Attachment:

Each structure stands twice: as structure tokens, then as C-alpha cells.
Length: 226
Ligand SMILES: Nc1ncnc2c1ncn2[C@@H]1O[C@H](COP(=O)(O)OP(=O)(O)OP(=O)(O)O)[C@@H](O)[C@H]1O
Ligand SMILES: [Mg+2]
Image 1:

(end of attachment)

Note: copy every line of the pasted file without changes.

Each structure stands twice: as structure tokens, then as C-alpha cells.
Length: 226
Ligand SMILES: Nc1ncnc2c1ncn2[C@@H]1O[C@H](COP(=O)(O)OP(=O)(O)OP(=O)(O)O)[C@@H](O)[C@H]1O
Ligand SMILES: [Mg+2]
Image 1: